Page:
Flora Aninditya is currenty a doctorate student at Faculty of Economics and Business Universitas Indonesia and a junior researcher at Lembaga Demografi FEB UI. She is also an active volunteer in the Alzheimer Society in her city and active volunteer for older people community in the local church.
The chicken and the egg: money transfer from children and older parent decision to retire
Flora Aninditya, Lembaga Demografi Faculty of Economics and Business Universitas Indonesia, Indonesia
Population aging is fast becoming a global challenge, especially for developed countries. Developing countries like Indonesia face quite complicated problems in fulfilling the present and future needs of older people as the nation ages. In fulfilling their need and to have better welfare, older people source funds through their labor income, public transfer, and private transfer from family member. Accompanied by the altruistic behavior of most Indonesian people, transfer from children is found to be an important factor in the process of retirement choice of older people.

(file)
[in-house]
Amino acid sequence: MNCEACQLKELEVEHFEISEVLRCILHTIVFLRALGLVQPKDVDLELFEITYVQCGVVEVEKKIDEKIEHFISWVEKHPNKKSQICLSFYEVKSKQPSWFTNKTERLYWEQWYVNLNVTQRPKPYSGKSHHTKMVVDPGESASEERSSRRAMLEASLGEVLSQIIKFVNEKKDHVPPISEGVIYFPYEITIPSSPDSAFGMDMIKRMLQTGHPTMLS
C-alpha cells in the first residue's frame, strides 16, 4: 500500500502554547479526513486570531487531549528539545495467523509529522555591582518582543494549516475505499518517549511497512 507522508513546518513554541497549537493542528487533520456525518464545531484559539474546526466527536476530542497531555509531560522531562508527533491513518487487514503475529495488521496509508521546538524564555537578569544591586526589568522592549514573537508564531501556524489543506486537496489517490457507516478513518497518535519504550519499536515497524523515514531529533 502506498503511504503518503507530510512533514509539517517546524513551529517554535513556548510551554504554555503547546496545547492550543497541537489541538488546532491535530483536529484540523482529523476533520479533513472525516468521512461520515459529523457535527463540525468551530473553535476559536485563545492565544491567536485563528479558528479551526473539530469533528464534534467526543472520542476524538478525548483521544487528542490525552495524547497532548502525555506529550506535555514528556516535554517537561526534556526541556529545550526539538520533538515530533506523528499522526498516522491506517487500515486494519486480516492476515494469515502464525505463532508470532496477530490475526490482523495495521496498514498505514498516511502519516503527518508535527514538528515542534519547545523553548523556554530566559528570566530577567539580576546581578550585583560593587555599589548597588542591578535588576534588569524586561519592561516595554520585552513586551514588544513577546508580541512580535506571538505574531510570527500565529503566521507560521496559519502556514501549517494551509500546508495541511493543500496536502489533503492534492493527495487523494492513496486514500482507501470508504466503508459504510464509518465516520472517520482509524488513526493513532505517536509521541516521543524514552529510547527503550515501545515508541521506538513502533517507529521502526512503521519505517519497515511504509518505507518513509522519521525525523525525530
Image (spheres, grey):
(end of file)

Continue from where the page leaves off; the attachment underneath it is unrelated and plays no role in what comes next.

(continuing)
This study aims to analyze the impact of private transfer to the retirement decision of older people or parents, while considering there is an endogeneity relationship between the two. In this paper, panel data regression is employed using Indonesia Family Life Surveys (IFLS) in IFLS4 (2007), and IFLS5 (2014) since the information on the money transfer is available in the latest two waves of the survey.
The findings confirm the existence of the endogeneity relationship such that the pension fund and private transfer are important factors in supporting the financial need of older people. Children with higher levels of education have larger financial capacity and are expected to transfer more money to their parents. This finding also suggests that the decision of transferring money from children and the decision to retire are not independent.
Can we rely on the private or familial support for the financial security of older people n the longer term? In Asian countries like Indonesia, familial support is preferable as it is also regarded as a vital part of the religious expression. On the other hand, increased longevity may be associated with an increasing burden of diseases and cost of care. Relying on familial support in the long run, may be an additional burden to the family, especially for those with lack of financial security.